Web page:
Tejas aircraft emerges as top choice for Malaysia's fighter jet programme
Malaysia is looking to replace its ageing fighter jet inventory, and India's Tejas light combat aircraft has emerged as the top contender.
Malaysia is looking to replace its ageing fighter jet inventory, and India's Tejas light combat aircraft has emerged as the top contender. The two parties are currently debating how to proceed with the acquisition process.
Despite fierce competition from China's JF-17 jet, South Korea's FA-50, Russia's Mig-35, and the Yak-130 plane, Malaysia has reduced its search for Indian aircraft, according to an interview with R Madhavan, Chairman and Managing Director of Hindustan Aeronautics Ltd (HAL).
India has proposed to establish an MRO facility in Malaysia for its fleet of Russian-made Su-30 fighters as part of the deal because it is having trouble obtaining spare parts from Russia due to Western sanctions against Moscow.
"I am very confident about it," Madhavan told PTI when asked whether the mega-deal would be closed soon.
If the deal is completed, it will send a really good signal to other possible buyers of the aircraft and increase its overall export potential, according to the chief executive of the state-run aerospace powerhouse.
"It (negotiation) is almost in the final stages. We are the only country which is offering them the support for their Su-30 aircraft as well as other than Russia, we are the only one who can support them to the extent that they require for that fleet," Madhavan said.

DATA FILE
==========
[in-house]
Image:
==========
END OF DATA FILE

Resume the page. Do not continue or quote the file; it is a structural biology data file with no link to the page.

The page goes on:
Although the Chinese JF-17 was reportedly less expensive, it could not meet the Tejas Mk-IA variant's technological specifications or India's pledge to maintain the Su-30 fleet.
To advance the procurement process, a group of senior officials and professionals is scheduled to visit India soon. According to Madhavan, Tejas is a far superior aircraft to the JF-17 and FA-50, and Malaysia would have the opportunity to update its fleet in the future if it chose to use the Indian aircraft.
The HAL-produced Tejas is a single-engine, highly manoeuvrable, multi-role supersonic fighter capable of flying in dangerous airspace.
To purchase 83 Tejas fighter aircraft for the Indian Air Force, the defence ministry signed a Rs 48,000 crore contract with HAL in February of last year (IAF).
Indian engineers have begun working on the Tejas MK 2 and a $5 billion initiative to create a fifth-generation Advanced Medium Combat Aircraft (AMCA).
"We actually are the only one who covered everything that they require and we met their budget requirements as well," Madhavan said.
"Nobody will offer them upgrades so fast as we would offer. They will have an alternative available in Tejas Mark 2 and they can even think of AMCA," the HAL chief added.
It's not immediately known how many aircraft Malaysia is considering buying. He declared that HAL would continue to provide Malaysia with the same calibre of services that it has been providing the Indian Air Force.
When asked if the IAF's supply of Tejas jets would be affected if HAL were to win the Malaysian contract, Madhavan said that production of the aircraft will be increased based on demand. The plan stipulates that the HAL would begin transferring the planes (Mk-IA type) to the IAF in 2025, and all 83 jets must be transferred by 2030.
Madhavan said, if the deal with Malaysia is sealed, then it will signal the acceptability of the aircraft which would result in the opening up of many other options. "We now have a very good platform. It is the best in this category," he said.
(With inputs from PTI)